Aristo’s language model was trained on word sequences from millions of documents (including all of English Wikipedia). After training with this vast collection of English, the neural network has presumably learned some useful things about language in general. At this point the network can be “fine-tuned” to learn to answer multiple-choice questions. When it takes the Regents exam, its input is the question plus the four possible answers; the output is the probability that each answer is correct. The network returns the highest-probability answer as its guess.

Aristo was tested on 119 questions from the eighth-grade exam, and was correct on over 90 percent of them, a remarkable performance. It was also correct on over 83 percent of 12th-grade questions. While the Times reported that Aristo “passed the test,” the AI2 team noted that the actual tests New York students take include questions that refer to diagrams, as well as “direct answer” questions, neither of which Aristo was able to handle.

This is exciting progress, but we must keep in mind that a high score on a particular dataset does not always mean that a machine has actually learned the task its human programmers intended. Sometimes the data used to train and test a learning system has subtle statistical patterns—I’ll call these giveaways—that allow the system to perform well without any real understanding or reasoning.

For example, one neural-network language model—similar to the one Aristo uses—was reported in 2019 to capably determine whether one sentence logically implies another. However, the reason for the high performance was not that the network understood the sentences or their connecting logic; rather it relied on superficial syntactic properties such as how much the words in one sentence overlapped those in the second sentence. When the network was given sentences for which it could take advantage of these syntactic properties, its performance plummeted.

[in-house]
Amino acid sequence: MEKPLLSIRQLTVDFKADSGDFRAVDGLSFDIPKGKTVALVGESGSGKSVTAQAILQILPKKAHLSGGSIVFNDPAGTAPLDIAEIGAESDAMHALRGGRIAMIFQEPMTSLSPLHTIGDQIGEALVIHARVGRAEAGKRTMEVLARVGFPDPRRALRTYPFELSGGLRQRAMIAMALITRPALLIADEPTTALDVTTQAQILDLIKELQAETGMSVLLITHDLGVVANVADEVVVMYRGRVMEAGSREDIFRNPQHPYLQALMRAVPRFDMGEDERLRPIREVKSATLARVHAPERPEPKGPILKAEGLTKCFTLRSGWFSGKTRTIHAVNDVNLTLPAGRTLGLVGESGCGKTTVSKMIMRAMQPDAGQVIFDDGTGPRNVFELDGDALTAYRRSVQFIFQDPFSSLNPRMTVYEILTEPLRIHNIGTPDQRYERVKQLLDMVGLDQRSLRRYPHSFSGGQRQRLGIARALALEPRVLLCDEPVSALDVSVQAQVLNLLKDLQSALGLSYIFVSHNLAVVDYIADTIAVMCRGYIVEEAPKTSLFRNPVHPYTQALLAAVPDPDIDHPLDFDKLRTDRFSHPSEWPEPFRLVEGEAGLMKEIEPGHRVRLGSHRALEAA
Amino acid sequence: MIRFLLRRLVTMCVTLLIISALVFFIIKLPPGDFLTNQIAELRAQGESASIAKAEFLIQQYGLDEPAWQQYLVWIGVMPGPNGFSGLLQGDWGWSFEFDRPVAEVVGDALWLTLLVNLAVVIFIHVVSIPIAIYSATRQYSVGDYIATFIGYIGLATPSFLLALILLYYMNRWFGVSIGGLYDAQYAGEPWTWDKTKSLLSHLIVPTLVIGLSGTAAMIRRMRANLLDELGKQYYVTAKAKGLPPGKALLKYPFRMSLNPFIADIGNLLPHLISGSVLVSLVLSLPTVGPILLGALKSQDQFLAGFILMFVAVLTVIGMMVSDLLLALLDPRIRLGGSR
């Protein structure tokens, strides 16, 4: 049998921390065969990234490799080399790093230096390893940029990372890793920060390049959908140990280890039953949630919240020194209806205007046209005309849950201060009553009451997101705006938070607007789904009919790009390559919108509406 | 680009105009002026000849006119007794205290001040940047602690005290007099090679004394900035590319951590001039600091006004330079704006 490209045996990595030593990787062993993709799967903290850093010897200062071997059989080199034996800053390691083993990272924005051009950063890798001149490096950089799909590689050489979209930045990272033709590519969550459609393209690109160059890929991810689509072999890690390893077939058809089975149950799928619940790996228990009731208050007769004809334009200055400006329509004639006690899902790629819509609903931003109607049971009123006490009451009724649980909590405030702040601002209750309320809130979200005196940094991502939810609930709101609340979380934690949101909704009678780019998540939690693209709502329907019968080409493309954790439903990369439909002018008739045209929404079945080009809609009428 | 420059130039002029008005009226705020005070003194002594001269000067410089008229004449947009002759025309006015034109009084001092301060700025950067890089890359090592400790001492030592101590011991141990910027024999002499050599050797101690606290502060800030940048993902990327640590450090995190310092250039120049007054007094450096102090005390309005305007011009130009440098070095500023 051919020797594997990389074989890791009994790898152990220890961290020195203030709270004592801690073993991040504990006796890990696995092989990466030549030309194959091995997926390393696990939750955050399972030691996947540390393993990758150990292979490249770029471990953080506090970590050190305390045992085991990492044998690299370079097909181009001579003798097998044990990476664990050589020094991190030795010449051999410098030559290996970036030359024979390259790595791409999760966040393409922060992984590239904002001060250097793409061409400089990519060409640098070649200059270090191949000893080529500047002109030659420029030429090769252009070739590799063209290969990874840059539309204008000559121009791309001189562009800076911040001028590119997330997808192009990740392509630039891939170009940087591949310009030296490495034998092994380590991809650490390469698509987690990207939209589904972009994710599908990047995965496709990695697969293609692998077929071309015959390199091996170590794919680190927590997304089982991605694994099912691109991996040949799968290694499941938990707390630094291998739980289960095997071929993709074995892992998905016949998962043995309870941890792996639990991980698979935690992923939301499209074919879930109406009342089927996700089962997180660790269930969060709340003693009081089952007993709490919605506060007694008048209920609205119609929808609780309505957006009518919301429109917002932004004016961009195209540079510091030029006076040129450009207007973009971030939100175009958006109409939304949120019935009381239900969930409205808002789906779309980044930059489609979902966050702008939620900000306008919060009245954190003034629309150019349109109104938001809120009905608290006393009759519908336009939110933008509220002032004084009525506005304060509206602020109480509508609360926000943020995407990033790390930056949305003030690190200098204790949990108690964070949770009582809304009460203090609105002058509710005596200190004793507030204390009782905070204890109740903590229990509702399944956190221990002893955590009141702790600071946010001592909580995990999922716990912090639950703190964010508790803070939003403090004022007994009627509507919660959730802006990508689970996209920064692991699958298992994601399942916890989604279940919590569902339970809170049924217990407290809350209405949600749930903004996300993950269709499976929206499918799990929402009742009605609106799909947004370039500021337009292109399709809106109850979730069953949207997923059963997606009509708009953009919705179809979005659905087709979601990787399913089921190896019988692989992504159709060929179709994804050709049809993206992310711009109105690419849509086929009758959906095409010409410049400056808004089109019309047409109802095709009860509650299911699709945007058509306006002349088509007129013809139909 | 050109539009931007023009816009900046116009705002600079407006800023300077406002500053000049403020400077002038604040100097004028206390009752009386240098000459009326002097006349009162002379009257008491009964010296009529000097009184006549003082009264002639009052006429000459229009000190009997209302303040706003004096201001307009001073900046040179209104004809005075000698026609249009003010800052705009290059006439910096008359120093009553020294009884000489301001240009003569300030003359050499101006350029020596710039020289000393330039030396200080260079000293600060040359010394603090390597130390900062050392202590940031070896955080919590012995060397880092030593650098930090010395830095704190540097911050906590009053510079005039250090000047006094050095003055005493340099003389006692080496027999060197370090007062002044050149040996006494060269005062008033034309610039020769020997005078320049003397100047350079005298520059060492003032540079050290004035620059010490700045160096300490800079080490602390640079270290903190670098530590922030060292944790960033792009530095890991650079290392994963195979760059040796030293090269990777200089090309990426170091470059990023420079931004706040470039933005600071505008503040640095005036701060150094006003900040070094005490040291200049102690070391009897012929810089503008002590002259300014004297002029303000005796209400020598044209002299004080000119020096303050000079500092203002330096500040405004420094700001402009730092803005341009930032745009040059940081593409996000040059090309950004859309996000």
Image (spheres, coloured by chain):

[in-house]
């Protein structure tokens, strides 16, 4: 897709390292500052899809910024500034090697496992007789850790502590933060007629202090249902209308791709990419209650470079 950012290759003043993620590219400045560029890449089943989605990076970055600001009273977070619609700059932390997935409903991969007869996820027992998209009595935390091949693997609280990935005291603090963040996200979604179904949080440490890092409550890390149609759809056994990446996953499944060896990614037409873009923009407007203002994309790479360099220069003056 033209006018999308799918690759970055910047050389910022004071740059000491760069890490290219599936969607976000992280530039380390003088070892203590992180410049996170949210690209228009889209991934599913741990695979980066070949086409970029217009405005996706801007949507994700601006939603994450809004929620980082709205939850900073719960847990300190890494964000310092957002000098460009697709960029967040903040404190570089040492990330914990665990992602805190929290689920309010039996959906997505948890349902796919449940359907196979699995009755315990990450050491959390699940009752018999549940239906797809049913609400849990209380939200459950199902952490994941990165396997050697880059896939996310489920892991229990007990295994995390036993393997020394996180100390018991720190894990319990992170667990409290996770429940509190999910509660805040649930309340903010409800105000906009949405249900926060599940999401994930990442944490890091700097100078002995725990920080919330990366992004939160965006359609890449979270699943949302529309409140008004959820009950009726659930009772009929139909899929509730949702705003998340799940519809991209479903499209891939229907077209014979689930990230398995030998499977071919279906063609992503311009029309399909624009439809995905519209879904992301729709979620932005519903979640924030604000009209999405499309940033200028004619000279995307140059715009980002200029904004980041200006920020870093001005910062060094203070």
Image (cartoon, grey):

Dozens of papers have been published over the last few years revealing the existence of subtle giveaways in benchmark datasets used to evaluate machine-learning systems. This has led some researchers to question the extent to which deep learning systems are exhibiting “true understanding,” or merely responding to superficial cues in the data.

The Aristo team argued that its Regents Exam questions are less likely to be vulnerable to such giveaways than the more commonly used “crowdsourced” question-answering datasets. They note that “many of the benchmark questions intuitively appear to require reasoning to answer,” and that Aristo’s excellent performance “suggests that the machine has indeed learned something about language and the world, and how to manipulate that knowledge.”

But to what extent is reasoning, comprehension, or knowledge of science actually needed to answer these questions? For example, consider the sample question above. The Aristo team asserts, “To answer this kind of question robustly, it is not sufficient to understand magnetism. Aristo also needs to have some model of ‘black pepper’ and ‘mixture’ because the answer would be different if the iron filings were submerged in a bottle of water.”

I’ll make a competing hypothesis: Given Aristo’s language model, no such knowledge or reasoning is needed to answer this specific question; instead, the language model will have captured statistical associations between words that allow it to answer the question without any real understanding whatsoever. To illustrate, consider the following four sentences.

1. Magnet will best separate a mixture of iron filings and black pepper.
2. Filter paper will best separate a mixture of iron filings and black pepper.
3. Triple-beam balance will best separate a mixture of iron filings and black pepper.
4. Voltmeter will best separate a mixture of iron filings and black pepper.

A language model can input each of these sentences and output the sentence’s “probability”—how well the sentence fits the word associations the model has learned—and choose the option with the highest probability. As a very rough simulation, I typed a version of each of these sentences into Google (making sure it found no exact matches) and looked at how many “hits” each received. Indeed, the sentence beginning with “magnet” got the most hits. My crude language model answered the question correctly without any intelligence other than word associations on the web.